Since most patients admitted to the ICU for cardiorespiratory compromise who die do so because of haemodynamic failure or fluid overload, haemodynamic monitoring is key to their management. This study, published in the journal Anaesthesiology Intensive Therapy, focused on critical care echocardiography (CCE) and its ability to monitor haemodynamics.

"Experts in haemodynamics have published a ‘consensus of 16’ regarding an update on haemodynamic monitoring. They reported the 10 key properties of an ‘ideal’ haemodynamic monitoring system, which perfectly match the 10 good reasons we describe here for performing CCE in critically ill patients," say Cyril Charron and co-authors.

The authors hope these 10 reasons for using CCE will convince intensivists to seek training in, and to use, echocardiography at the bedside to optimise patient management.

1. Measures Relevant Variables
CCE plays a central role in functional haemodynamic monitoring, which is a way to monitor haemodynamics more qualitatively and less invasively. A good example is the need for fluids. In the past, the main goal was to evaluate cardiac preload using pulmonary artery occlusion pressure or central venous pressure (CVP), neither of which is very relevant for fluid adaptation because of their well-known limitations.

With the functional haemodynamic monitoring approach, the goal now is to evaluate preload responsiveness, which CCE has been reported to predict well, using, as an example, vena cava respiratory variations with good sensitivity and specificity. CCE is also able to evaluate right heart function accurately, to detect acute cor pulmonale in different situations, and to recognise left ventricular (LV) dysfunction.

2 and 3. Provides Accurate and Reproducible Measurements; Is Operator-Independent
Whereas the first assertion is true, the second is debatable. As emphasised above, many echocardiographic parameters in critically ill patients have been reported to be accurate for evaluation of cardiac function and preload responsiveness. Reproducibility has also been studied for the usual echocardiographic parameters. Intra- and inter-observer variabilities of between 3-10 percent have been reported.

Logically, better image quality and acquisition result in better reproducibility. Thus, in the authors' view, transoesophageal echocardiography (TEE) in mechanically ventilated patients is probably more accurate and reproducible, and less operator-dependent, than transthoracic echocardiography (TTE).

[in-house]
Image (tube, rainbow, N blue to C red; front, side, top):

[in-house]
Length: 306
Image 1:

4. Provides Interpretable Data
Since echocardiography directly visualises the cardiac chambers and ventricular contraction, parameters are by definition interpretable, provided image acquisition is adequate. In a clinical study of 128 transthoracic procedures, Vignon et al. reported quality that was good in 55 percent of cases, suboptimal in 23 percent, and poor in 22 percent. In the event of TTE failure, TEE was very efficient.

5. Is Easy to Use
CCE can be defined as basic or advanced. Basic CCE, also called goal-directed echocardiography, is a procedure based on TTE which allows a focused and rapid exam to diagnose obvious haemodynamic profiles, such as profound hypovolemia and severe LV systolic dysfunction. Provided that appropriate skills acquisition is included in the training curriculum of all intensivists, one can say that basic CCE is (or will be) very easy to use. To acquire the necessary skills, a 10-hour course is recommended, divided into lectures and illustrative cases, plus at least 30 fully supervised TTE exams in unstable patients.

Advanced CCE is quite different in that it allows a full haemodynamic evaluation. It requires formal certification following a 40-hour course, 100 supervised TTE and 35 supervised TEE exams. Given these requirements, it is hard to maintain that advanced CCE is currently easy to use, but there are an increasing number of certification courses (local or international) open to intensivists.

6. Is Readily Available
Even though no recent survey has been done, one can nonetheless say that most ICUs now have one ecocardiography machine available 24/7. Similarly, TEE probe cleaning is better performed in the unit by the team itself.

7. Has a Rapid Response Time
In a recent multicentre study of the ability of 41 trainees to evaluate haemodynamics adequately in mechanically ventilated patients using TEE, Charron et al. reported that after six months and 31 ± 9 supervised TEE examinations per trainee, they were able to perform a full haemodynamic evaluation adequately in about 13 minutes.

8. Causes No Harm
Whereas TTE is completely noninvasive, TEE can be considered as minimally invasive. When contraindications are strictly respected, side effects are few. In a large study of 2,508 TEE examinations, Hüttemann et al. reported a 2.6 percent incidence of complications. Most of these complications could actually be considered minor and most occurred in spontaneously breathing patients.

9. Is Cost-Effective
Some studies indirectly suggest that, by limiting fluid overload, CCE may reduce the length of stay in the ICU and mortality compared to management using CVP. Also, the cost of echocardiography machines has significantly
decreased over time and new ‘pocket’ machines are now available at a very low price (< $10,000).

10. Should Provide Information That Can be Used to Guide Therapy
Many studies reported a therapeutic impact in 20−68 percent of cases when TEE was performed in addition to the rest of the haemodynamic evaluation. In these studies, TTE also had a significant therapeutic impact when adequate images were obtained.

Image Credit: GE Healthcare


Charron C, Repessé X, Bodson L, Au SM, Vieillard-Baron A (2014) Ten good reasons why everybody can and should perform cardiac ultrasound in the ICU. Anaesthesiol Intensive Ther, 46(5): 319-22. doi: 10.5603/AIT.2014.0055

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